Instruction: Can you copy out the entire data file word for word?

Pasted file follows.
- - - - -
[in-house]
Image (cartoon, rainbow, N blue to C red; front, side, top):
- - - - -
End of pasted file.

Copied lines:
[in-house]
Image (cartoon, rainbow, N blue to C red; front, side, top):